The filmmaker has made a career out of sanitizing the humanity and packaging the unorthodox ideologies of his protagonists into clean little multiplex cartons. He rarely leaves room for any rustic naturalism or, in other words, an ability to exist in context of the chosen environment.
As a result, even Pad Man, which is essentially a rural story about obsession and genius, acquires an unmistakably urban gaze – as much in detail, as in compulsive control of the intricately dotted “plot”.
For instance, to introduce Lakshmi’s freakish intellect, we are made to hear his mind quickly dissect the internal mechanism of “industrialized devotion” devices: he smiles wryly at a Hanuman idol that swallows coconuts and excretes its pieces, and rolls his eyes at a Lord-Krishna idol ingesting money and promptly ejecting sweets. Such images occasionally present themselves as the brainchild of an upscale-Juhu commentator determined to monetize the nuances of new-wave social activism.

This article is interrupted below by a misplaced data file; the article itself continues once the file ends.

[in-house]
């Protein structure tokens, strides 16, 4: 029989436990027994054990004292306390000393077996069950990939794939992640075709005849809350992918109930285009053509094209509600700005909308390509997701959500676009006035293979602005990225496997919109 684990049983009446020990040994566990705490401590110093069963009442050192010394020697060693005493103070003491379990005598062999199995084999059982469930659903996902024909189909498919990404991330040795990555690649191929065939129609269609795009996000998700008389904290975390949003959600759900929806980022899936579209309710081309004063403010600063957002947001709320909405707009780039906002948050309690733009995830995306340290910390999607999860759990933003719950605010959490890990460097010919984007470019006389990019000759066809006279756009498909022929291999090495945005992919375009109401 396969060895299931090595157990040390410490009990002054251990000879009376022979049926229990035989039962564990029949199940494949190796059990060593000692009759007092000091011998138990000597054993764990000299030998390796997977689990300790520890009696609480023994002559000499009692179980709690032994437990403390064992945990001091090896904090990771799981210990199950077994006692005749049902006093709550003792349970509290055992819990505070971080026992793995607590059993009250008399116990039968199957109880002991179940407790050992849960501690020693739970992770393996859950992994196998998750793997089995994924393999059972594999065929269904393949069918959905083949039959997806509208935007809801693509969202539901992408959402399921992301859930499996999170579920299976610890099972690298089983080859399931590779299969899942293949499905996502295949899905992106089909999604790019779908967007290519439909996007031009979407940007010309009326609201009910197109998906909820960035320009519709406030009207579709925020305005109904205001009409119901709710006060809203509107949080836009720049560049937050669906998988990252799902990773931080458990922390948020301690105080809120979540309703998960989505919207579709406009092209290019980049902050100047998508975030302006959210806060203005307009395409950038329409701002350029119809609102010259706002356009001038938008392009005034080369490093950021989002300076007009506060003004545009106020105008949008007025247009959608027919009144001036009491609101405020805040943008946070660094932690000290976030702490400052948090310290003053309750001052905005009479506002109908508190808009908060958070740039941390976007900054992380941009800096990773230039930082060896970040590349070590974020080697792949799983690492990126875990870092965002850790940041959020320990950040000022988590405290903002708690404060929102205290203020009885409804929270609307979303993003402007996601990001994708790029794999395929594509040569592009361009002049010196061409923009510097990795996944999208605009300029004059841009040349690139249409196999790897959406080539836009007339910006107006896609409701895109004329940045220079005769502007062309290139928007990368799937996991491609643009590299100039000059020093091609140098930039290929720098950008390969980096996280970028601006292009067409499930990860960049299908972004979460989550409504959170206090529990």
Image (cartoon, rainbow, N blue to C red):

The scandalized reactions of Lakshmi’s family members and neighbours come across as heightened expressions imagined by a privileged mind that wonders how illiteracy and superstition must affect the temperament of the “other” India. Their fury and dialogue belong to the soapiest of operas – again a broad appropriation of a culture far removed from the writer’s reality. Even as the man struggles to find women who will utilize his samples, they appear in different “breeds” – from burkha-clad wives and schoolgirls to medical students and pious nuns – as if to repeatedly reiterate the noble-minded democracy of his intentions.
The most noticeable example is Lakshmi’s crowd-pleasing United Nations speech towards the end. This is essentially his victory podium. He insists on speaking in broken English to communicate his conviction of altering India’s fragile socioeconomic fabric. In doing so, he reinforces the age-old cinematic misnomer of form over accent – the belief that a bunch of words strung together ungrammatically will convey a lack of education, even if the letters themselves are pronounced perfectly. Kumar isn’t the first actor to “colonize” the notion of poverty, and he won’t be the last.